Practical Provenance in Astronomy. (arXiv:2101.08691v1 [astro-ph.IM])

Practical Provenance in Astronomy. (arXiv:2101.08691v1 [astro-ph.IM])
<a href="http://arxiv.org/find/astro-ph/1/au:+Servillat_M/0/1/0/all/0/1">Mathieu Servillat</a>, <a href="http://arxiv.org/find/astro-ph/1/au:+Bonnarel_F/0/1/0/all/0/1">Fran&#xe7;ois Bonnarel</a>, <a href="http://arxiv.org/find/astro-ph/1/au:+Louys_M/0/1/0/all/0/1">Mireille Louys</a>, <a href="http://arxiv.org/find/astro-ph/1/au:+Sanguillon_M/0/1/0/all/0/1">Mich&#xe8;le Sanguillon</a>

Recently the International Virtual Observatory Alliance (IVOA) released a
standard to structure provenance metadata, and several implementations are in
development in order to capture, store, access and visualize the provenance of
astronomy data products. This BoF will be focused on practical needs for
provenance in astronomy. A growing number of projects express the requirement
to propose FAIR data (Findable, Accessible, Interoperable and Reusable) and
thus manage provenance information to ensure the quality, reliability and
trustworthiness of this data. The concepts are in place, but now, applied
specifications and practical tools are needed to answer concrete use cases.
During this session we discussed which strategies are considered by projects
(observatories or data providers) to capture provenance in their context and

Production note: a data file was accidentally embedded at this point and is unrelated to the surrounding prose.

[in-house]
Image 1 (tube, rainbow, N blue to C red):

how a end-user might query the provenance information to enhance her/his data
selection and retrieval. The objective was to identify the development of tools
and formats now needed to make provenance more practical needed to increase
provenance take-up in the astronomical domain.

Recently the International Virtual Observatory Alliance (IVOA) released a
standard to structure provenance metadata, and several implementations are in
development in order to capture, store, access and visualize the provenance of
astronomy data products. This BoF will be focused on practical needs for
provenance in astronomy. A growing number of projects express the requirement
to propose FAIR data (Findable, Accessible, Interoperable and Reusable) and
thus manage provenance information to ensure the quality, reliability and
trustworthiness of this data. The concepts are in place, but now, applied
specifications and practical tools are needed to answer concrete use cases.
During this session we discussed which strategies are considered by projects
(observatories or data providers) to capture provenance in their context and
how a end-user might query the provenance information to enhance her/his data
selection and retrieval. The objective was to identify the development of tools
and formats now needed to make provenance more practical needed to increase
provenance take-up in the astronomical domain.

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